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KF6GUB
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Posts: 29




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« Reply #10 on: January 22, 2013, 02:51:11 PM »

In the books, when fm bandwidth is discussed, I seem to understand that fm bandwidth is determined based on peak frequency deviation combined with peak modulating frequency.   Why not just peak frequency deviation and leave modulating frequency out of it?  thx  Jim
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G3TXQ
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« Reply #11 on: January 22, 2013, 03:07:16 PM »

In the books, when fm bandwidth is discussed, I seem to understand that fm bandwidth is determined based on peak frequency deviation combined with peak modulating frequency.   Why not just peak frequency deviation and leave modulating frequency out of it?  thx  Jim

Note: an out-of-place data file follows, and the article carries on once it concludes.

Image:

Look at the maths in the article I referenced. The sidebands are spaced by the audio modulating freauency, but their amplitude is a function of the Modulation Index (and therefore the modulating frequency and the deviation)

Like I said, you have to dig into the maths; you can't always expect to find a simple intuitive answer.

73,
Steve G3TXQ
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KB4QAA
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« Reply #12 on: January 22, 2013, 03:47:55 PM »

Ok, I understand your query now, I think. 

You can't separate the effects of Deviation and Modulation. 

Think of dipping your finger into a lake.  this creates ripples.

Let us set the 'Deviation" of your finger as 1 inch or 1 knuckle".   You dip it into the lake 1".

If you dip it slowly in and out over a minute (Modulation), you will have very little disturbance or ripples.

If you dip it every second (1Hz Modulation) you will have quite noticeable ripples.

If you dip it four times a second, 4Hz, you will have many ripples, and probably attract sharks or alligators.  Smiley